"terraformStateDynamoDBTable": "goldstack-tfstate-a82076777995c7254fbcae1f9e8013fee75833f2-lock"
    },
    {
      "user": "prod",
      "terraformStateBucket": "goldstack-tfstate-0cb1a35a83c9c952321ee4addbe76d096b031d47",
      "terraformStateDynamoDBTable": "goldstack-tfstate-0cb1a35a83c9c957772ee4addbe76d096b031d47-lock"
    }
  ]
}

To prevent Goldstack from auto-generating the bucket and table names, provide a terraform.json file before standing up the infrastructure for your first package. Goldstack will create bucket and table using the names you specify then. Also, if you have special requirements for your bucket and table, you can create these before standing up the infrastructure with Goldstack. You only need to ensure that the bucket and table fulfil the requirements of Terraform for storing its remote state.

All packages included in a project will use the same bucket and DynamoDB table. The name of the state file will be defined in the goldstack.json file within each package.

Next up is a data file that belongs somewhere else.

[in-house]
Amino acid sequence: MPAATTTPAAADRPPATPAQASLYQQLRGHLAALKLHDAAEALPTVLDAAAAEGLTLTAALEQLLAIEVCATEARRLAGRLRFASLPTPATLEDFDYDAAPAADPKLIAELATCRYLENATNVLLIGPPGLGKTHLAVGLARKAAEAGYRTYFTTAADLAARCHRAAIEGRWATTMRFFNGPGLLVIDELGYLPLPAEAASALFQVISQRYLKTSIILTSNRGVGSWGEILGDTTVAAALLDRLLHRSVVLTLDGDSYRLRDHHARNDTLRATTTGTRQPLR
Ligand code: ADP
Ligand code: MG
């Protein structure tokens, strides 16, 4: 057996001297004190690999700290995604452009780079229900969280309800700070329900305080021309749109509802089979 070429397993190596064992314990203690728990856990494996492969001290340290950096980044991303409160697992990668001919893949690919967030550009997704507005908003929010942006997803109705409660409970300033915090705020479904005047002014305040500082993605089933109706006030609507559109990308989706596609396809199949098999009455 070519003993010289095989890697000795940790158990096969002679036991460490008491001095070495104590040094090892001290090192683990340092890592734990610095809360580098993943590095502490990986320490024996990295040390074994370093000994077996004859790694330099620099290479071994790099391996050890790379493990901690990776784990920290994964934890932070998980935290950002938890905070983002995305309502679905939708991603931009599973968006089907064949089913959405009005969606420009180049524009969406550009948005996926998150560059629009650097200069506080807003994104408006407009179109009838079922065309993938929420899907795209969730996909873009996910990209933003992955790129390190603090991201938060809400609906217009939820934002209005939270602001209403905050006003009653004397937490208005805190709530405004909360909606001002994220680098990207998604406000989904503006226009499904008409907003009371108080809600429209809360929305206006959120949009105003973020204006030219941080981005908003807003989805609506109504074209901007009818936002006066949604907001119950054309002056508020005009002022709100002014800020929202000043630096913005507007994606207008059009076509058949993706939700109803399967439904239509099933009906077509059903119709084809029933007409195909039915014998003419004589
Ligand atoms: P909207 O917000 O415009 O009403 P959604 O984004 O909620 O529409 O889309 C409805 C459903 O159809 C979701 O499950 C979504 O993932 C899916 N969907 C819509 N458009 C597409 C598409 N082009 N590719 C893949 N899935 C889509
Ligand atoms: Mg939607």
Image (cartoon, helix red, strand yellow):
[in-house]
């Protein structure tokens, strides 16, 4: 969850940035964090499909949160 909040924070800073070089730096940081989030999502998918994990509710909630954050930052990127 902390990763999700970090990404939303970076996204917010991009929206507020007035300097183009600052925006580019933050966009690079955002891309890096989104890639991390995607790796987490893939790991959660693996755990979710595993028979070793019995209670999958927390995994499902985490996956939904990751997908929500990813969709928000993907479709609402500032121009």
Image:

{
  "$schema": "./schemas/package.schema.json",
  "name": "mypackage",
  "deployments": [
    {
      "name": "dev",
      "tfStateKey": "mypackage-dev-f53056a8788c8eb7a1ac.tfstate"
    }
  ]
}

If the tfStateKey property is defined before running yarn infra init [deployment], Goldstack will use the name specified as key for the state in bucket and DynamoDB table. If the tfStateKey property is not defined, a name will be generated and goldstack.json updated.

Ensure that after standing up infrastructure for the first time to commit and push changes to your project, since Goldstack will update goldstack.json config and the config/infra/aws/terraform.json config. This is only required for initialising the infrastructure for each package and target AWS account (and if you do not provide the names for bucket, table and state files manually). For subsequent updates to the infrastructure it is not necessary to update the source files.